EDITORIAL

Double-down on table games?

As the Mountain State’s existing casinos find themselves struggling with declining revenue, does it make sense for lawmakers in Charleston to OK a new casino in rural Pendleton County?

This week brings the debut of the $500 million Maryland Live! Casino at the Arundel Mills Mall in Hanover, so declining casino revenues represent a problem likely to get worse for the Mountain State, not better.

It’s not as if the Capitol isn’t full of evidence of the industry’s struggles. At the same time a West Virginia House committee advanced the Pendleton County proposal, House members declined consideration of a Senate bill that would have lowered the fees paid by West Virginia’s four existing casinos.

Leaders at Wheeling Island casino had asked for the fee reduction, saying they could not afford a table gaming license and would have to drop table games.

Thanks to growing competition from neighboring states, revenue at West Virginia’s four racetrack-casinos is expected to be at least $200 million lower this fiscal year than in 2012.

The bill already passed in the Senate but it remains unclear whether it will win the backing of the House before the session’s end at midnight Saturday.

The idea is not completely lacking in logic. Backers say the rural casino in Franklin would attract gamblers from Virginia, one of just a handful of states without any land-based casinos.

Many believe that luring Virginians also represents the best hope for Charles Town’s future as a gambling mecca. With Maryland Live! likely to siphon off a significant portion of gaming lovers who long have trekked here from Baltimore and other parts of the Free State, Virginians coming here from the opposite direction could be a saving grace for the casino.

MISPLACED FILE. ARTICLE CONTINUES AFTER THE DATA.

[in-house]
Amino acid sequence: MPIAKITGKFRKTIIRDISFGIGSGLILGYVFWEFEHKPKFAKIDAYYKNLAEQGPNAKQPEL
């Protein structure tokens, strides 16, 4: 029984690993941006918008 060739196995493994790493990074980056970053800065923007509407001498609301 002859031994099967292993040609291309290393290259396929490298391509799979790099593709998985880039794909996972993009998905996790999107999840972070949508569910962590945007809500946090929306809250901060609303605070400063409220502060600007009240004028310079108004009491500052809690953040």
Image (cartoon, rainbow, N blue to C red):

But we continue to question the underlying presumption that the gaming industry represents a path to quick and easy prosperity for West Virginia. Better for West Virginia to create a sound economic development plan and to stop handing out sweetheart deals such as the one described last month by Eric Eyre of The Charleston Gazette.

“West Virginia government officials used tens of millions of dollars in federal stimulus funds to help Frontier Communications build a fragmented high-speed Internet network across the state that solely benefits Frontier, according to a consultant hired by Gov. Earl Ray Tomblin’s administration.

“The consulting firm, Vienna, Va.-based ICF International, found that West Virginia’s $126.3 million statewide broadband expansion project has created an ‘unintended monopoly’ and [an] ‘unusable network except for Frontier.’ ”

Just a month earlier, a report issued by the West Virginia Legislative Auditor found the state wasted millions in federal grant money three years ago when it purchased 1,164 Cisco routers – the majority of which were far larger than what the state agencies using them required.

Wasting millions in Charleston on wrongheaded spending and then hoping against hope that we can draw in Virginians with more table games isn’t a blueprint for a stronger economy.

As Republican Delegate Woody Ireland of Ritchie County noted during last week’s debate over the Pendleton facility: “When we base our economy on the gambling industry, we’re basing our economy on soft and shifting sands.”

 

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